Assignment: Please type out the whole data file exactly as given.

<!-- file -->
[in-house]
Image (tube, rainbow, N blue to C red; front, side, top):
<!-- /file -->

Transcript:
[in-house]
Image (tube, rainbow, N blue to C red; front, side, top):